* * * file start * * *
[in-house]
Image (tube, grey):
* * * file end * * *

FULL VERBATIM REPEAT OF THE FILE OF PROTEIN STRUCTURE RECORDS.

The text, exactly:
[in-house]
Image (tube, grey):